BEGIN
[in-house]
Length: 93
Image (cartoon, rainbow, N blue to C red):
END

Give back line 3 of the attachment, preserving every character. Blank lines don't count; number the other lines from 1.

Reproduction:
Image (cartoon, rainbow, N blue to C red):